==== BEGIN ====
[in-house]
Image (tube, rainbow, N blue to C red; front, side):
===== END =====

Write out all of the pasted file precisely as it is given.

[in-house]
Image (tube, rainbow, N blue to C red; front, side):